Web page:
Martin Family Atty: 'We don't believe the focus was really race"
Thursday night Anderson Cooper interviewed Daryl Parks, an attorney representing the Martin family. Parks told Cooper "We don't believe the focus was really race." This is very much at odds with statements Parks made last year comparing Martin's death to that of Emmett Till. Here is the exchange from CNN [video below]:
Anderson Cooper: You gave a press conference after court today where you said that the Martin family wanted to make it clear that "race was not a part of this process." But a lot of the prosecution's opening statement was about George Zimmerman profiling Trayvon Martin.
Daryl Parks: Well Anderson I think you have to distinguish that. When you have a situation where we see that George Zimmerman is talking in the 911 tape and describing what he was seeing in Trayvon Martin and calling him suspicious. We don't believe the focus was really race. Additionally the charge that he is facing has nothing to do with race.
Parks goes on to say "For purposes of where we are now, we're in a court case. Bringing race into this situation does nothing but make people pick sides and invoke some prejudice into the proceedings. We don't want that."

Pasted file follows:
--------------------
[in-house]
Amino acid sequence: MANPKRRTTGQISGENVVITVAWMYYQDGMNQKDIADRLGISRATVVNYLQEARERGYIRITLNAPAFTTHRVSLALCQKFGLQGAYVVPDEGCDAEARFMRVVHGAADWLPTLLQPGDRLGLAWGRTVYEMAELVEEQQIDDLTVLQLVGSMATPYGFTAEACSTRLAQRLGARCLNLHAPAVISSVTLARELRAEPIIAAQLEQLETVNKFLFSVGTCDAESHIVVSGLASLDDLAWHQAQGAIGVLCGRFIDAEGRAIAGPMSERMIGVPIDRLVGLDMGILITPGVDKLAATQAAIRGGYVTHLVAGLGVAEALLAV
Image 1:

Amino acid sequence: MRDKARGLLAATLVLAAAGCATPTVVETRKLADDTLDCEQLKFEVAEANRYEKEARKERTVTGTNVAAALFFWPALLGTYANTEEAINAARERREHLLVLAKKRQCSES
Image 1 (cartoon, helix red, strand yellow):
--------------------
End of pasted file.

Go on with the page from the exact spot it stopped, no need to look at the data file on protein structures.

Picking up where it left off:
This is a long way from statements Parks himself made last year in an interview he gave to the National Association of Black Journalists. At the time he described the shooting as tragic for "every black person who lives in America" and went on to compare Trayvon to Emmett Till:
Even without hate crime charges, Parks said it’s clear that race played a role in Trayvon’s killing and that the family believes Sanford police actively covered up the racial component to protect Zimmerman.
"Trayvon’s situation is very tragic for this family and, I think, for every black person who lives in America,” Parks said. "We all know many situations where the person of color was not given the benefit of the doubt. That’s a subtlety in America that a lot of people don’t talk about.”
Park said Trayvon’s killing, which has prompted a national dialogue on
racial profiling in the U.S., is reminiscent of the historic case of
Emmett Till, a 14-year-old black boy killed in 1955 after allegedly
whistling at a white woman in Mississippi. Till’s death and the choice
of his mother to have his casket open during the funeral prompted a
national effort to eliminate Jim Crow laws.
"Most of us, especially
those of us who live in the South, can clearly identify with this type
of interaction with the police.” Parks said. "It’s not too often that we
as African Americans get to help America with its conscious just a
little bit. This is our opportunity.